For those over 8 only. To book a visit. Call 03- 6712226 Perhaps more for younger children, the Parrot Farm at Kfar Hess (near Tel Mond) will teach them all about these multicolored, chatty birds. You’ll be surprised that the parrots aren’t afraid of you and will happily come and sit on your children’s hands and let the kids feed and play with them. There’s also a small zoo and a play area. A film explains all about the hundreds of parrots you’ll see.

TRAVELING FURTHER away from the center of the country, to the Jordan Valley, you’ll be able to play with and feed kangaroos at Gan Guroo. Situated near Kibbutz Nir David, this expansive Australian Park is, according to the guide, the only place outside Australia where kangaroos roam free and where koala bears live.

These cuddly-looking bears hang around their eucalyptus trees (their only source of food and drink), sleeping for around 18 hours a day. This entire park was set up in conjunction with the Australian government, and only after the founders had planted thousands of eucalyptus trees were they allowed to bring over just a few of those furry koalas.

You can also see other animals and birds indigenous to Australia such as wallabies, emus, kookaburras and a cassowary – also known as the most dangerous bird in the world and second in size only to the ostrich.

Both you and the kids will enjoy getting lost in the mazes (both simple and more complicated) and there’s plenty of play area and climbing activities.

You are also just next door to Gan Hashlosha (also known as Sachne), where you can enjoy a swim after your time in the park.

Traveling further north, Lake Kinneret is always a great place to take children of all ages.

Start off at Ein Gev and visit Saba Yossi’s carpentry studio, where the kids can learn to put together ready-made wooden toy kits, using real power tools, under the supervision of Saba Yossi himself. If your children are too young, or if you don’t have the time for them to make their own, there are plenty of ready-made toys you can buy and a delightful wooden play area.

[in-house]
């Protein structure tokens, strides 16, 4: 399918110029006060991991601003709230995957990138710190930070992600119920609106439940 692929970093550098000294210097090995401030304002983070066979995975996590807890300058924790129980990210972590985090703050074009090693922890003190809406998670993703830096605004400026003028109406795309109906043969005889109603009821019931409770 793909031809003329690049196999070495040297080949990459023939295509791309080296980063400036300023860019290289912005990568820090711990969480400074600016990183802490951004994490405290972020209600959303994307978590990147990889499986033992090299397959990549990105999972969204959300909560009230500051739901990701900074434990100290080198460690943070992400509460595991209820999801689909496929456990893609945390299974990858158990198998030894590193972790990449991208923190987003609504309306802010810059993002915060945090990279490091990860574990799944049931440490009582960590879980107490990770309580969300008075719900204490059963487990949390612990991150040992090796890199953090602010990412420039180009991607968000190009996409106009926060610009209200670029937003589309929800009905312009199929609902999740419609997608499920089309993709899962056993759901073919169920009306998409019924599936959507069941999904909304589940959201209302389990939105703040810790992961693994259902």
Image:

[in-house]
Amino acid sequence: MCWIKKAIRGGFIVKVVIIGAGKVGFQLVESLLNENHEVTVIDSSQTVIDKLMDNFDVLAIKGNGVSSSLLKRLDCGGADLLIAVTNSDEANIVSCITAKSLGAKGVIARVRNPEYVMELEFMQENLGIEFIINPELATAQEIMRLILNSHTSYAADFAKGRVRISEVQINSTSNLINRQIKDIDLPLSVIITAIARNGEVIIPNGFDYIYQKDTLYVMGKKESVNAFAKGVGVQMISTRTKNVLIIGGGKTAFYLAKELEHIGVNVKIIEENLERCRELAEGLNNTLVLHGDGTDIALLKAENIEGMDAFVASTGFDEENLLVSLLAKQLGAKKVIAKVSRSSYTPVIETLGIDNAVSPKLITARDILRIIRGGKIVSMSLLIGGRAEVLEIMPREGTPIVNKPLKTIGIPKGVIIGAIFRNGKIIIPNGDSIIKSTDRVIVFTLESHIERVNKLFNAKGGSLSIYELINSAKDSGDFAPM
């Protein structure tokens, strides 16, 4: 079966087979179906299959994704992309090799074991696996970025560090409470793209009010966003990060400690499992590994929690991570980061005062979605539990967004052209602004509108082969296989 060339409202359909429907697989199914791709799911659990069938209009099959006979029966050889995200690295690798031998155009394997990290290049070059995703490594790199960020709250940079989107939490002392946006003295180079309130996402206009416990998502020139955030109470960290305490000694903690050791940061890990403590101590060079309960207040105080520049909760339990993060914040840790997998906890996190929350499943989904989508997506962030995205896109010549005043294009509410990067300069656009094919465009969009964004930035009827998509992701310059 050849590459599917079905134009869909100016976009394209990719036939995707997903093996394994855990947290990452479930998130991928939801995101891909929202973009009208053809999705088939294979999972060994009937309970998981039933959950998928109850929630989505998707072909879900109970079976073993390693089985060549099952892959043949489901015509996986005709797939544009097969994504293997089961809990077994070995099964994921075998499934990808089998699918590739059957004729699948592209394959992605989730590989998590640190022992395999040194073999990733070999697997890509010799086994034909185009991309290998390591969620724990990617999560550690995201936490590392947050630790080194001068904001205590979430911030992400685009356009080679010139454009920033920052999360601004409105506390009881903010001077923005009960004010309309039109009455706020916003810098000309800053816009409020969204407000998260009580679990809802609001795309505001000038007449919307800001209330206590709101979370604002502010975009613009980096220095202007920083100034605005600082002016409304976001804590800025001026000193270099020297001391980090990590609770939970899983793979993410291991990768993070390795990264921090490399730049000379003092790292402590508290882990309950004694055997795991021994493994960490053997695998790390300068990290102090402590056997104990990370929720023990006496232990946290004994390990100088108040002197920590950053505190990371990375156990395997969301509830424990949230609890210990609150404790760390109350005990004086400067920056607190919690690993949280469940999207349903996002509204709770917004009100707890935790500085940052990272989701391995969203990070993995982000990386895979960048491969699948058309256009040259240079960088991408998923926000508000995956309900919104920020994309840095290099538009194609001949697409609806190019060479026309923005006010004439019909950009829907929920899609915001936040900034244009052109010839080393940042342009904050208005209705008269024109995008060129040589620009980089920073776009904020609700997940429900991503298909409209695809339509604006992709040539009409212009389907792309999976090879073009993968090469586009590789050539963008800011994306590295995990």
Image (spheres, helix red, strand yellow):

Then you can tour the kibbutz on the little kibbutz train and hear all about kibbutz life. You can either eat your own picnic lunch on the new attractive boardwalk, or try out the fresh fish restaurant on the shores of the lake.

On Thursday evenings in August, there are nighttime boat rides starting and ending at Ein Gev.

For details and bookings, call (04) 665 8008.

The Air Force Museum in Hatzerimnear Beersheba is not just a large collection of aircraft spread out on the tarmac but a living collection of stories of our fledgling air force. Each plane has a special story to tell of daring, risk or adventure, and a special place in our history. Call in advance and take a guided tour in whichever language you or your children are most fluent.

Hear the story of the first Messerschmitts, bought in great haste in Czechoslovakia to stem the seemingly unstoppable Egyptian army as it marched toward Tel Aviv during the War of Independence.

These planes, well past their sell-by date, were dismantled and brought over here in another plane and put together on arrival. They were meant more as a deterrent than a fighting aircraft. Fortunately, like so many of our “bluffs” – this one also worked.

Other airplanes are used for audio-visual presentations and mini-museums, and the exhibition takes you right up to modern air warfare.

Tel: (08) 990 6853.